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More Things in Heaven and Earth by [Kiran Manral]

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More Things in Heaven and Earth Kindle Edition

4.7 out of 5 stars 30 ratings

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About the Author

Kiran Manral is an award-winning and bestselling author, TEDx speaker, columnist and mentor. She has written books across genres in both fiction and non-fiction. She lives in Mumbai. --This text refers to the paperback edition.

Product details

  • ASIN ‏ : ‎ B0933GXMMQ
  • Publisher ‏ : ‎ Amaryllis - an imprint of Manjul Publishing House (30 April 2021)
  • Language ‏ : ‎ English
  • File size ‏ : ‎ 1465 KB
  • Text-to-Speech ‏ : ‎ Enabled
  • Screen Reader ‏ : ‎ Supported
  • Enhanced typesetting ‏ : ‎ Enabled
  • X-Ray ‏ : ‎ Not Enabled
  • Word Wise ‏ : ‎ Enabled
  • Print length ‏ : ‎ 268 pages
  • Customer Reviews:
    4.7 out of 5 stars 30 ratings

Customer reviews

4.7 out of 5 stars
4.7 out of 5
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Reviewed in India on 9 June 2021
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Reviewed in India on 27 June 2021
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4.0 out of 5 stars Quick breezy read.
By AJ on 27 June 2021
I don’t know how Kiran continues to churn out books after books but she does so with ease.
What I liked about More Things in Hwaven and Earth mwas that the woman protagonist continues to be attracted to men and indeed have sex with them despite her husband’s death (and her innate need to be in contact with him through the occult).
A refreshing change from the usual trope about women turning chaste after a husband’s death.
This is a a book about romance. About friendship. About the sinister. About human nature.
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Reviewed in India on 6 July 2021
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Reviewed in India on 28 August 2021
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5.0 out of 5 stars An indomitable longing. A tale of love, loss, grief, acceptance, and more.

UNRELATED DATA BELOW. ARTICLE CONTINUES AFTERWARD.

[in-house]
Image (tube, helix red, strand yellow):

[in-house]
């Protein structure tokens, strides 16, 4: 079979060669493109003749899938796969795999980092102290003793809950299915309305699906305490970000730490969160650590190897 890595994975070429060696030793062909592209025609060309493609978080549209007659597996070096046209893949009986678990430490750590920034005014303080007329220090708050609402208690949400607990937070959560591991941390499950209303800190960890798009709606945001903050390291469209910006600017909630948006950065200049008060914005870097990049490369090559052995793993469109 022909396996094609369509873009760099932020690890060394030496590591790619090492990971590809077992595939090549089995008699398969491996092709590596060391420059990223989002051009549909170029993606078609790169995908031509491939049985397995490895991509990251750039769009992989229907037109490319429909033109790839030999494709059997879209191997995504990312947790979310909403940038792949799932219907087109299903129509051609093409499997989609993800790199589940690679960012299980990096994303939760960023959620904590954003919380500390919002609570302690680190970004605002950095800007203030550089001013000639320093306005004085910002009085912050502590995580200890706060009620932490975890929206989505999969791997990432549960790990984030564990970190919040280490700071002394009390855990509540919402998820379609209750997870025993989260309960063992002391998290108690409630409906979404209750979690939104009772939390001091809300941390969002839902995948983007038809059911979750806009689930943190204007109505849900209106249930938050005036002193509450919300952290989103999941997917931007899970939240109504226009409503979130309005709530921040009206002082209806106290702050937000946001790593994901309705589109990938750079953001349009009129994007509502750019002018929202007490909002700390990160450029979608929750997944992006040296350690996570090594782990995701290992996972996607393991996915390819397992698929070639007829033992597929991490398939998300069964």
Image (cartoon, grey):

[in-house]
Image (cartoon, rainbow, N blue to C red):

By Bhana on 28 August 2021
‘When you finally gather the courage to release what you’ve been hanging on to for a while, you realise it is not just a release, but also a relief. It frees you to find something else to hold on to, something else that was also waiting to be held.’

Some stories stay with you long after you’ve read them. This is one such story by Kiran Manral. The protagonist, Kamla Malik, loses her husband, Nihar, and moves from Delhi to Mumbai while still trying to come to terms with the loss of the love of her life. She navigates her present, trying to build a new life for herself. But grief and trauma can’t be easily processed, can they?

There’s also something about the author’s detailing of characters and locations that transports the readers. The story unfolds with events dating back to her childhood in the hills, which gravely add to the present narrative. It is while Kamla is being haunted by the memories and dreams of her late husband, pushing her into dark places in her mind, that her ailing aunt invites her to her crumbling villa in Goa. While there are several geographical locations involved in the story, it’s in Goa where the mystery unfolds.

Kamla Malik’s journey, involving a whirlwind of secrets and emotions, makes you wonder about grief in more ways than one. On one hand, Kamla yearns for Nihar and finds it difficult to let go, and on the other, she meets her aunt’s stepson, Victor, a channel she can depend on to move forward. The instant connection with Victor is what aggravates her process of moving on. But grief is cruel, isn’t it? The narrative shows how Kamla feels torn between her past and her present, and seeks love and redemption not only in her mind but also outside, elsewhere. This is where the author makes the plot even more intriguing for her readers. The lack of closure haunts the protagonist to a level that she chances upon any medium she gets to find answers. The journey she undertakes through places and most importantly, within herself, is a lot relatable for anyone who grieves a loved one, alive or dead.